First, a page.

Sometimes I'm a hypocrite. I was appauled by the fact that American's seemed to give up the freedom of speech and freedom of thought the moment war was declared. As a Canadian one of the many things I like about American culture is their whole hearted dissent. Pray God, give me some anger in the disability movement in Canada like they have in the States! ADAPT just seems to be a cool organization. Not Dead Yet ... awesome. But after 9/11 there seemed to be uproar for the tiniest bit of criticism of the American Way. My God, they were upset at the Dixie Chicks!
So, I went to see Shut Up and Sing partly because I really enjoy the debate over free speech. Partly because I knew that the movie would be preaching to my prejudices and who doesn't like that? But as I began to think more deeply about it all, I realized that I work in a system that really doesn't encourage people to speak freely and openly dissent.
Good heaven's today at work something weird happened. I went into the kitchen with my frozen lunch and pulled several frozen bean burrittos out and put them on a plate. All the while I was talking with a woman with a disability who was sitting having her lunch. I then turned to see that the microwave was gone. Yep, gone. I looked at her and she said, "It's broken and is being repaired." I was annoyed, "Why didn't you tell me when you saw me opening these," I said pointing to the burrittos. She was flustered and started stammering. She was AFRAID!!!!! Afraid of speaking up and telling me that I was off track. She'd learned her place and was shocked that I had expected her to address me as an equal. That ~I expected her to tell me that I was making a mistake.
Ask almost any direct care staff about working with people with intellectual disabilities and what you'll hear is, "It so hard to get a straight answer out of Jason because he just looks at you and tries to figure out what you want to hear." People with disabilities have been conditioned through a lifetime of being 'wrong' that there is always a 'right' answer to every question and that staff, or parent, or teacher know what that answer is.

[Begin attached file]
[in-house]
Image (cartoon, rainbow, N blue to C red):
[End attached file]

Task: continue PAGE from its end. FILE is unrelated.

I remember asking a guy named Wayne what he really wanted. I was frustrated and I know that was in my tone. Well, Wayne had had enough. He turned to me and said, "You want to know what I want ...." and then he told me. He told me about his life in the institution, he told me about his life in the community, he talked about a lifetime of being disrespected. He was angry and the words poured out of him.
This wasn't Wayne. Wayne smiled all the time. That's all the time. He looked like a skinny, white, smiling Buddah. He nodded when you spoke to him. He agreed with everything. He was happy. All the time happy.
And by all that is holy, I bought it. I enjoyed being with Wayne and knew, proof positive, that he enjoyed being with me. But Wayne had learned to Shut Up and Smile. He engaged in "Yes, Master" behaviour. He knew who had power and he knew how to bend to the will of the other.
This is what we've done. What we've created. It's time for some freedom of speech, some freedom of thought and time for wholesale dissent. I don't want to work for people who are the pale imitation of what they think I want. I want people in vibrant colours and bold stripes.
I had known Wayne as an outline. That day I knew him differently. That day I met him. That day he became a self advocate.